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A murder disrupts a quiet train ride, leaving passengers to defend their innocence in the trailer for ‘Murder on the Orient Express.’
USA TODAY

“Murder Is Easy,” Agatha Christie once proclaimed, as she dreamed up the title for one of her classic crime novels.

Easy for Dame Agatha, anyway.

In 2017, the British “Queen of Mystery” (as her current publisher has dubbed her) is having a moment, yet again. The novelist and playwright, who had a pretty good run during her lifetime (1890-1976), is hotter than ever in the 21st century.

The “Queen” indeed reigns over a publishing empire, with two new movies out this fall (Murder on the Orient Express and Crooked House), a series of TV adaptations set to stream on Amazon, and books on current best-seller lists thanks to a complete reissue of all her mysteries in the U.S. and a new series of Christie novels being penned by contemporary crime writer Sophie Hannah.

Why does the creator of celebrated sleuths Hercule Poirot and Miss Marple — who has sold more than 2 billion books worldwide, outranked only by the Bible and Shakespeare — still knock ’em dead nearly a century after she published her first book?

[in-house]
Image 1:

Let’s examine the evidence.

She wrote murder, folks

It starts with the books, of course. And in the 21st century, the image of Christie as a sweet old lady who wrote quaint tales of gentle deaths (often by poison) set in charming English villages is shifting to a more nuanced view. Christie 2.0 is studied at academic conferences and in scholarly books, with a new generation of mystery writers piping up as vocal fans. Agatha Christie, a hack? Prove it, they say.

“She’s the gold standard, the Shakespeare of crime writers, and she influenced many, many of today’s crime writers,” says Hannah, a British mystery novelist (Keep Her Safe) chosen by the Christie estate to conjure up new Poirot mysteries (2014’s The Monogram Murders and 2016’s Closed Casket, with another title coming in 2018).

Hannah believes Christie in the past was underrated by “snobby people” who thought she was a page-turning “genre writer,” while Hannah trumpets her mentor as a serious literary stylist who combines “brilliantly strong storylines with truths about human nature,” among them greed,…